> > his free time which is not judged by them to be appropriate. So
> > then
> > you pursue him to apologize. But he's stubborn: "I have done
> > nothing
> > wrong. I won't apologize". Crap. Why doesn't he just apologize, so
> > you
> > can be left alone and code? It's just an apology, after all, right?
> > It's just words. And a few years down this road they will ask why
> > it
> > is that there are so few people with physical attribute X or from
> > identity group Y in your project. Why don't you bother to increase
> > their represantation? Is there maybe something hostile about your
> > community? You should put a statement on your website, stating that
> > you are standing on the right side. But then nothing changes. Bad.
> > So
> > maybe there will be a bad PR one day from a person with
> > characteristics X and Y. And you should pull it, should you not?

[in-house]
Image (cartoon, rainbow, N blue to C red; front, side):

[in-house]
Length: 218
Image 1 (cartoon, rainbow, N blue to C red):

> > Then
> > they will leave you at peace and you can "just code", won't they?
> > 
> > And it will go on and on and on until one day you might realize
> > that
> > you should have spoken up earlier and defended your project.
> > 
> > Because it's not "just a logo", it's not just "a banner", it's not
> > "just words" – it's about wether a non-political project will
> > become
> > political or not. And you won't be the one who decides which
> > politics
> > it will be, when you just bow to an external (or even internal) mob
> > who demands changes. In five years it might be another mob,
> > demanding
> > different or even more radical changes.
> > 
> > That's what this document is intended for. I designed it as a set
> > of,
> > hopefully decent rules, but mostly as a public statement you can
> > include like a software license. It states: We don't want politics
> > here. Regardless of which group you belong to, you can participate,
> > but you have to leave your politics outside of this project. When
> > your
> > ideas and PRs are good, we will pull them. And if one day some
> > ideologue comes, who has never participated or contributed in your
> > project and demands you change this or that, you can refer to your